More than 100,000 people have been infected with coronavirus in Colorado since the onset of the pandemic, according to the latest data from the Colorado Department of Public Health and Environment.
Click here for the latest update on the number of cases, the age, gender and location of presumptive positive, indeterminate and confirmed cases from the Colorado Department of Public Health and Environment.
Below, we're updating this blog with the latest information regarding COVID-19 in Colorado.
Sunday, Nov. 1
4 p.m. | Latest COVID-19 numbers
Here are the latest coronavirus numbers for Colorado, as of 4 p.m. Sunday, with the change from Saturday in parentheses.
109,910 cases (+2,560)
9,089 hospitalized (+25)
64 counties (+0)
1,236,323 tested (+14,047)
2,034,795 test encounters (+30,073)
2,288 deaths among cases (+3)
2,105 deaths due to COVID-19 (+0)
1,216 outbreaks (+0)
The latest hospital data showed 788 beds in use by COVID-19 patients or suspected COVID-19 patients. Saturday's three-day average positivity rate in Colorado was 8.77%. The state's goal is to remain below 5%.
Saturday, Oct. 31
4 p.m. | Latest COVID-19 numbers
Here are the latest coronavirus numbers for Colorado, as of 4 p.m. Saturday, with the change from Friday in parentheses.
107,350 cases (+2,924)
9,064 hospitalized (+33)
64 counties (+0)
1,222,276 tested (+14,838)
2,004,722 test encounters (+41,137)
2,285 deaths among cases (+7)
2,105 deaths due to COVID-19 (+0)
1,216 outbreaks (+19)
The latest hospital data showed 788 beds in use by COVID-19 patients or suspected COVID-19 patients. Friday's three-day average positivity rate in Colorado was 7.94%. The state's goal is to remain below 5%.
10:10 a.m. | Governor extends disaster declaration
Gov. Polis signed an executive order extending the state’s disaster declaration. Gov. Polis also signed an executive order updating Protect Our Neighbors and Safer at Home in the Vast, Great Outdoors, and establishing directives for the COVID-19 Dial Framework. An updated public health order will be issued in the coming days.
Friday, Oct. 30
5:34 p.m. | Glenwood Springs Middle School moving to remote learning
Glenwood Springs Middle School is transitioning 52 students to remote learning following the recommendation of the Garfield County Public Health Department after a student and/or staff member at the school has symptoms consistent with COVID-19.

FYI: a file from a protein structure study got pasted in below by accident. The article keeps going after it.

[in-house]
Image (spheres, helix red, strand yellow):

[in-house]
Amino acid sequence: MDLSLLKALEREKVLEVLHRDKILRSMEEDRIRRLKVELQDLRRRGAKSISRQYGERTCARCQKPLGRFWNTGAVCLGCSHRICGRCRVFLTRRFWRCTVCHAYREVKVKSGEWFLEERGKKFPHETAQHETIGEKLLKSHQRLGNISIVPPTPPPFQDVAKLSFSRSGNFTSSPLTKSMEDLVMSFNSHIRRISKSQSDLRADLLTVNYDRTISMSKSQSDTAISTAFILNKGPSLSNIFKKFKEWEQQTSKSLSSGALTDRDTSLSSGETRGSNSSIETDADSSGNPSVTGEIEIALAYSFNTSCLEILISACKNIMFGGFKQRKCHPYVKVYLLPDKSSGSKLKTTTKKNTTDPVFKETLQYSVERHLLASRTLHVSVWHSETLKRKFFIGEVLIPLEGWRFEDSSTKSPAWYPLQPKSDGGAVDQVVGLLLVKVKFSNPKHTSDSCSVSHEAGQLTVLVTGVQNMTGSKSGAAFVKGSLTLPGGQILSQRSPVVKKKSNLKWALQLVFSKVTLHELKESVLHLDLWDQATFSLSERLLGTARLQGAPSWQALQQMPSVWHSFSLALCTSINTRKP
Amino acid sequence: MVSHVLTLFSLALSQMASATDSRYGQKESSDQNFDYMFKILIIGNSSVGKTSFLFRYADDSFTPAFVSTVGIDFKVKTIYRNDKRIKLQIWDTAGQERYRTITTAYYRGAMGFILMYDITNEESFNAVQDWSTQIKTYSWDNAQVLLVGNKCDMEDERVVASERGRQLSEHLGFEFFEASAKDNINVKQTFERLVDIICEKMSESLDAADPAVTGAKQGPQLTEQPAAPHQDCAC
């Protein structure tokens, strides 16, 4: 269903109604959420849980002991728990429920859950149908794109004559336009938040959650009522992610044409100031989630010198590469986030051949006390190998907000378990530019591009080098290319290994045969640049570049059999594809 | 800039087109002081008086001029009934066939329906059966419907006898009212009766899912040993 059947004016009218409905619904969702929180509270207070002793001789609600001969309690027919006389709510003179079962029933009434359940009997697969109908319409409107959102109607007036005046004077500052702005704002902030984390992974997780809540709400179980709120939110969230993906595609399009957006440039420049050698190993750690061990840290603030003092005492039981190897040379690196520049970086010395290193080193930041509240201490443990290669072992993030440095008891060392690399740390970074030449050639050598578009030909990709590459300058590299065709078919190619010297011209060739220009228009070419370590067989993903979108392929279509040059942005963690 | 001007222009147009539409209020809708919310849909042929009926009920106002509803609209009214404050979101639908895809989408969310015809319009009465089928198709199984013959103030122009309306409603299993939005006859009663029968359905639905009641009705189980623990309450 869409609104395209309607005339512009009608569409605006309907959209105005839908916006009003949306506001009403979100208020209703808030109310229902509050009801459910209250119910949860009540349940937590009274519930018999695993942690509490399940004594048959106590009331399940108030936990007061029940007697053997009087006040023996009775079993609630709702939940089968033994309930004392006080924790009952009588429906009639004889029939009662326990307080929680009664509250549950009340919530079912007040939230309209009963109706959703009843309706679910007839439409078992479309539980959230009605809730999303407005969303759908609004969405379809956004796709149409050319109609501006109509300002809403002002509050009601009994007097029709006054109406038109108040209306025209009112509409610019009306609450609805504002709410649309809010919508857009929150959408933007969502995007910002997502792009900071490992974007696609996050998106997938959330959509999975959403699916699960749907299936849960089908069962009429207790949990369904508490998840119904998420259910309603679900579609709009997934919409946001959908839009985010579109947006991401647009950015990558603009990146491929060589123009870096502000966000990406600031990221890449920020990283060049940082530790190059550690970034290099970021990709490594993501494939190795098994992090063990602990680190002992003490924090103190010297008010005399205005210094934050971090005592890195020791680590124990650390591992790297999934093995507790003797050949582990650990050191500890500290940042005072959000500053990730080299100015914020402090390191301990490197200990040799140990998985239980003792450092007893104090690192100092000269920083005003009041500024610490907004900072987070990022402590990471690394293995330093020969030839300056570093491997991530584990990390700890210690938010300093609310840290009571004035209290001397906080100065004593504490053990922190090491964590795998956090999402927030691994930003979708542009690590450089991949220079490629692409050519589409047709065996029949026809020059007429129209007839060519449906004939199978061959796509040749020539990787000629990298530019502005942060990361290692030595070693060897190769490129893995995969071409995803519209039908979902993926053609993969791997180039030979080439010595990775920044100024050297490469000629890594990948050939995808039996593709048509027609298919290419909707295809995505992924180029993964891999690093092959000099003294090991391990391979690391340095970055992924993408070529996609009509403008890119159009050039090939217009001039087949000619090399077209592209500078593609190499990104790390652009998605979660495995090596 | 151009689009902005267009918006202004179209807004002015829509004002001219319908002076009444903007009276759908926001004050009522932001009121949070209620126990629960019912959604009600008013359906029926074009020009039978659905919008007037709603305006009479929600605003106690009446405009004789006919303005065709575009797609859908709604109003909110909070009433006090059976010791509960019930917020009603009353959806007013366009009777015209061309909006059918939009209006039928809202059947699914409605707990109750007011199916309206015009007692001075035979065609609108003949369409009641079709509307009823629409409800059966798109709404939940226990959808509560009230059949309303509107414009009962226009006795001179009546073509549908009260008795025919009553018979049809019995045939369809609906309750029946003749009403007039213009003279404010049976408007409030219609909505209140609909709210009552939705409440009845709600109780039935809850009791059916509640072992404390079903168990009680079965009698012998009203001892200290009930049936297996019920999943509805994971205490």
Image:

All students and staff who may have been exposed have been contacted.
Students will be able to return to in-person learning on Monday, Nov. 9.
"In-person classes for non-impacted students will continue," said Kelsy Been with Roaring Fork Schools. "The affected areas in the school will be deep cleaned and disinfected prior to the return of non-impacted students and staff."
5:08 p.m. | Hudson Gardens cancels holiday lights display
Hudson Gardens in Littleton has cancelled the popular holiday lights display, “A Hudson Christmas,” due to the coronavirus pandemic.
The organization issued the following explanation:
“We explored many options before making this decision. However, we concluded that the financial risks are too great given the public health policies that are implemented for the collective health and well-being of everyone during the pandemic. As much as we would like to continue this long-standing holiday tradition in 2020, we simply cannot.”
Hudson Gardens said their non-profit organization has been significantly impacted by COVID-19. If you’d like to support them, there are several ways to help:
- Donate $10.50, the price of one ticket to “A Hudson Christmas”
- Purchase a membership or gift a membership to someone else
- Make a purchase from the Hudson Gardens Gift Shop
- Donate to Hudson Gardens on Colorado Gives Day, which can be pre-scheduled starting Nov. 1
5 p.m. | Pitkin Co. limits gatherings
Pitkin County is limiting gatherings in unregulated settings to 5 people from no more than two different households no matter if the gatherings are masked, social distanced and outdoors.
The county said its incidence rate continues to rise and that small private gatherings were the “primary source of community spread.”